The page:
Letters to the Editor

Greene on the Declaration; Parkway speed

Fort Worth officials strongly desire for the speed limit to be raised from its current 50 mph on Chisholm Trail Parkway.
Fort Worth officials strongly desire for the speed limit to be raised from its current 50 mph on Chisholm Trail Parkway. Star-Telegram archives.

Greene column

Had Richard Greene checked the Declaration of Independence, he would have seen that it asserts nothing like what is alleged in his Sunday column (“Abortion ruling defies Declaration of Independence”).

What he cited was the wording in a draft, which was eventually omitted.

The Declaration did not describe rights as “God-given.” Instead, men were alleged to be “endowed by their Creator” with such rights.

Nor did Thomas Jefferson “create the phrase” — he modified John Locke’s phrase — that “reason,” not God, “teaches” us that “no one ought to harm another in his life, health, liberty or possessions.”

Locke believed, as undoubtedly did Jefferson the Deist, that appeals to the Divinity have no place in political argument.

Neither Locke nor Jefferson believed that it applied to a group of undifferentiated cells, or even an embryo. Nor should they.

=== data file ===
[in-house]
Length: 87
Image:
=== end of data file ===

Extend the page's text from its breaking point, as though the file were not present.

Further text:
Like the late Supreme Court justice Antonin Scalia, Greene the “originalist” thinks that the ideas of the “originals” are those that most resemble theirs. Ignorant, incompetent or dishonest.

Richard Galvin,

Fort Worth


The Declaration uses the term “among which” in defining inalienable rights.

This means that those rights stated are not limited and that there are others.

The Supreme Court has confirmed that by protecting other rights, including the rights of religion and privacy.

In Planned Parenthood v. Casey (1992), the court majority stated that, at the heart of liberty, “is the right to define one’s own concept of existence, of meaning, of the universe and of the mystery of human life.”

The court has consistently stated that the genius of our democracy is the rights of those of different cultures, religions and thoughts to have voices that are entitled to be heard and rights to be protected.

Marty Goldsmith,

Fort Worth

Parkway speed

I’ve never seen a speed trap on the Chisholm Trail Parkway. The speed limits are posted and visible to all who care. The police presence is obvious and comforting. I thank them.

With its freedom from most 18-wheelers, controlled traffic speeds, delightful vegetation and manicured roadways, the CTP is worth the price.

Those too important to be constrained by speed limits should be prepared to pay the penalty for abusing others’ enjoyment and safety.

Winston Barney,

Fort Worth